Mark Bane, a prominent Manhattan attorney and veteran lay leader of the Orthodox Union, said he sensed something amiss a few years ago in the pages of The Klal Perspectives Journal, an independent online publication at which he serves as an editor.
In one issue of the journal, on the theme of religious Jews’ obligations, several rabbis and scholars wrote of Orthodox Jews’ necessary adherence to Jewish tradition and to Jewish law, said Bane, who is known as Moishe in Jewish circles. Few of the contributors to the journal wrote of spiritual inspiration as a Jewish motivation, he said — “a vacuum of inspiration.”
Bane said he often heard the attitude — more Orthodox Jews than ever were engaged in advanced Torah study, but fewer spoke of a stronger connection with God — and felt that something should be done to improve the situation.
The start of that something will take place on Sunday, Jan. 15 at Citi Field in Flushing, Queens, the home of the New York Mets.
Some 30 scholars and activists, representing the Modern Orthodox and charedi Orthodox communities, will take part in “Torah in the City,” an all-day learning program sponsored by the OU that will offer a series of plenary sessions and concurrent lectures. The program will take place inside in the venue’s Convention Center. Free parking and kosher food will be available.
“Everything will be accessible” to Jews who lack an intensive Jewish educational background, but will be at a “high level,” said Bane, who becomes OU president on Sunday. The event’s message, he said, is “the importance of Torah study” as a means to become closer to God.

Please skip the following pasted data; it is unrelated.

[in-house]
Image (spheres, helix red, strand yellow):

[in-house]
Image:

He called the program — its original name was “Torah in the Citi,” but morphed into its present title — the beginning of an expansion of the OU’s educational outreach efforts.
Some 1,000-1,300 women and men, primarily from the Modern Orthodox community, are expected to attend Sunday’s program, Bane said. In recent years, the organization’s national convention had attracted about 500 people. “This,” he said, “is our annual convention.”
Topics will include such standards as “The Efficacy of Jewish Prayer” and “Understanding Yosef & His Brothers,” to “Israeli Soldiers Under Fire,” a staple in the Religious Zionist community, “Birth Control & Family Planning” (separate sessions for men and women) and “Love & Romance in Tanach through the Prism of the Marriage of Moshe & Tzippora,” topics of interpersonal relationships that the more-conservative right-wing part of Orthodoxy would be unlikely to include in a community-wide setting.
The program, which will be followed up by other OU-sponsored educational initiatives, will feature mixed seating, and, in a partnership with Yeshiva University, matchmakers will be on hand. “Everyone” — including single men and women — “will be welcome,” Bane said.
Sunday’s plenary sessions will be live-streamed on the OU website (ou.org). Videos of the other lectures will appear on the website in future weeks, he said.
For information: ou.org/city.